“A lot of people ask me, ‘What’s it like being gay at a Christian college?’” Julie Rodgers said. “And I’m like, ‘It’s kind of like being human.’”
Nervous laughter filled the room as Rodgers spoke her first words to the 100 or so students in Brown Chapel Monday night.
The conversation stared promptly at 7:30 p.m. and was an expansion of her earlier presentation in Chapel. This one focused on sexuality and intimacy within the church and Rodgers’ own personal story.
The smell of coffee and cookies lingered in from the lobby through the open doors where more students were trickling in.
Bright lights shined on three chairs set in a loose half circle on the stage as Rodgers began to share her story.
As the homeschooled daughter of a Texan family, Rodgers was exposed to the church at a very young age. By the time she was in junior high, she knew wanted to follow Jesus.
“I remember being out by the fishing pond with the stars in the sky and the wind in my face,” Rodgers said. “And I remember thinking to myself, I want to know the Creator of all this beauty.”
Later on, Rodgers developed her passion for Jesus into a career. She now holds a position as a ministry associate for spiritual care at Wheaton College after leaving a job working with youth in her hometown of Dallas, Texas. Here she ministers to students and helps create a space for their stories.
When she was a junior in high school, Rodgers told her mother she was gay. It was Valentine’s Day. Afterwards, Rodgers’s mother promptly drove her to Exodus International, an ex-gay ministry where attendees are given therapy programs focused on helping people “heal” themselves of their attractions to the same sex.
“I would go through these steps and feel a lot of shame,” Rodgers said. “I started internalizing that.”
Late one night in particular, Rodgers, remembers these thoughts tumbling over and over again in her head. As night lightened to early morning, she made herself some coffee and hopped up on her roof.
“Usually I’m not one of those people where I’m like, ‘God speaks to me,’ because I’m too worried that I’m making it up in my head,” Rodgers said. “But that morning, I clearly remember God saying I know you’re a mess, but I came so I can share this with you.”
Rodgers then found herself in libraries, reading up on theology from both sides of the sexual orientation argument.
“I wasn’t persuaded by the literature,” Rodgers said. “I wasn’t persuaded that that [marriage] was something God would bless me entering into.”
Rodgers knew then that she was called to a life of celibacy.
“And I’m all, ‘Great, well that blows,” Rodgers said. “Celibacy is not sexy, right?”
But Rodgers has a different view of what it means to be celibate. She discredits the way modern day culture has created the pinnacle of happiness to be the moment when individuals find ‘the one.’ For Rodgers, singleness is as much a gift from God as marriage is.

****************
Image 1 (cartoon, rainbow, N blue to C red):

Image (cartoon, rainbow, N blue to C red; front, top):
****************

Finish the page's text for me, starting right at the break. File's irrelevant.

“I think single people can be a gift to married people,” Rodgers said. “Why do we think a life of celibacy or singleness is a life without love? That’s totally warped. We can’t live without intimacy, but we can live without sex…[and] the risks of intimacy are far less than the risks of isolation.”
After sharing her story, Rodgers was asked questions from both audience members and facilitators, Ross and Kendra Oakes Mueller.
“She radiates a sense of authenticity,” said Ross Oakes Mueller, professor of psychology and facilitator of the conversation later in the evening. “Part of what I like about her as a person is her insistence on remaining human and whole.”
Ross Oakes Mueller first met Rodgers Monday night after Associate Director of Chaplaincy Ministries, Melanie Wolf, asked him and his wife, Kendra Oakes Mueller, to mediate the conversation time that was set aside. The questions he presented to Rodgers were a mixture of questions written by students before the Q&A and some that Ross Oakes Mueller had put together himself.
The goal was to get the audience to engage in conversation as a Christian body and as students explained Oakes Mueller.
“I’m on sabbatical, so I’ve only been on campus twice this week and literally every student I’ve talked to who had attended the event brought it up without me raising it,” Ross Oakes Mueller said. “And all [the comments were] the positive…[about] her sense of accessibility and authenticity.”
The crowd of students who stayed well after Rodgers had finished proved evidence that her discussion sparked positive feelings from attendees and that many felt comfortable enough to approach her afterward.
“It surprised me that it was happening at PLNU,” said Gia Cabarse, a junior applied health science major who attended the event. “It was such a healthy way to introduce the topic…the group I was with was snapping as if it were poetry.”
Cabarse saw the positive acceptance of Rodgers’ words among her peers as the start of a needed conversation about the LGBTQ community.
“I’m very proud of my school for having her and facilitating this kind of conversation because it’s something that needed to be talked about regardless of sexuality especially for the people who don’t identify as heterosexual,” Cabarse said. “They needed to hear that they are still welcome in the church and a part of this community.”